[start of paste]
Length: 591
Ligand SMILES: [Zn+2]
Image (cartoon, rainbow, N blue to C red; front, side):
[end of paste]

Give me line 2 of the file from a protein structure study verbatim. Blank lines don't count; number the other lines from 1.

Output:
Ligand SMILES: [Zn+2]